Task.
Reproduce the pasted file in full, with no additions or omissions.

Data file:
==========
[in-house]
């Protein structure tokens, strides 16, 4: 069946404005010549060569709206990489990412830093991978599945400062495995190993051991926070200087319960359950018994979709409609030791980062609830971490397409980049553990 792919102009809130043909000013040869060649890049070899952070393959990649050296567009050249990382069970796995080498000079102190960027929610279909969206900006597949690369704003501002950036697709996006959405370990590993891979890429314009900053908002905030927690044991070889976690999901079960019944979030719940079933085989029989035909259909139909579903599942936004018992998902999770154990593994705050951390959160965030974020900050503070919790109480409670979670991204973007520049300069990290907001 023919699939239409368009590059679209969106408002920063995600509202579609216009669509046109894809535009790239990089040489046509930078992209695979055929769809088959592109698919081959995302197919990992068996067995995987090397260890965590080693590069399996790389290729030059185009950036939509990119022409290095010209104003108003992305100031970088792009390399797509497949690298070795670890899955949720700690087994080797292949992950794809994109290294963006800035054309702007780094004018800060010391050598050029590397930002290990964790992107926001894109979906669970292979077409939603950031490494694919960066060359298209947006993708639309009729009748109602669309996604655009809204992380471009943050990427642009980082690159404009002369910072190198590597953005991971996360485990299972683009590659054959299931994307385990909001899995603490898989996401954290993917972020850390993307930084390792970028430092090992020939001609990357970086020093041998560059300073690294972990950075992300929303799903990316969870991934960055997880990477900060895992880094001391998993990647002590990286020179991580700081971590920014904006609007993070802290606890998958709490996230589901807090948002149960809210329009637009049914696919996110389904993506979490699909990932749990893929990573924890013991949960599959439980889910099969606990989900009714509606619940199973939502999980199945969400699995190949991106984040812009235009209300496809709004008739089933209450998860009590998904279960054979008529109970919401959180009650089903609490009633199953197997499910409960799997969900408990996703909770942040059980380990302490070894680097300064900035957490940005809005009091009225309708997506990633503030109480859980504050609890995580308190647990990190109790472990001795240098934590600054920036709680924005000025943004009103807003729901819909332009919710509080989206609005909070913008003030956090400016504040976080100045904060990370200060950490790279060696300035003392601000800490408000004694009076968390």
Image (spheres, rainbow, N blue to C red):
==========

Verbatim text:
[in-house]
């Protein structure tokens, strides 16, 4: 069946404005010549060569709206990489990412830093991978599945400062495995190993051991926070200087319960359950018994979709409609030791980062609830971490397409980049553990 792919102009809130043909000013040869060649890049070899952070393959990649050296567009050249990382069970796995080498000079102190960027929610279909969206900006597949690369704003501002950036697709996006959405370990590993891979890429314009900053908002905030927690044991070889976690999901079960019944979030719940079933085989029989035909259909139909579903599942936004018992998902999770154990593994705050951390959160965030974020900050503070919790109480409670979670991204973007520049300069990290907001 023919699939239409368009590059679209969106408002920063995600509202579609216009669509046109894809535009790239990089040489046509930078992209695979055929769809088959592109698919081959995302197919990992068996067995995987090397260890965590080693590069399996790389290729030059185009950036939509990119022409290095010209104003108003992305100031970088792009390399797509497949690298070795670890899955949720700690087994080797292949992950794809994109290294963006800035054309702007780094004018800060010391050598050029590397930002290990964790992107926001894109979906669970292979077409939603950031490494694919960066060359298209947006993708639309009729009748109602669309996604655009809204992380471009943050990427642009980082690159404009002369910072190198590597953005991971996360485990299972683009590659054959299931994307385990909001899995603490898989996401954290993917972020850390993307930084390792970028430092090992020939001609990357970086020093041998560059300073690294972990950075992300929303799903990316969870991934960055997880990477900060895992880094001391998993990647002590990286020179991580700081971590920014904006609007993070802290606890998958709490996230589901807090948002149960809210329009637009049914696919996110389904993506979490699909990932749990893929990573924890013991949960599959439980889910099969606990989900009714509606619940199973939502999980199945969400699995190949991106984040812009235009209300496809709004008739089933209450998860009590998904279960054979008529109970919401959180009650089903609490009633199953197997499910409960799997969900408990996703909770942040059980380990302490070894680097300064900035957490940005809005009091009225309708997506990633503030109480859980504050609890995580308190647990990190109790472990001795240098934590600054920036709680924005000025943004009103807003729901819909332009919710509080989206609005909070913008003030956090400016504040976080100045904060990370200060950490790279060696300035003392601000800490408000004694009076968390």
Image (spheres, rainbow, N blue to C red):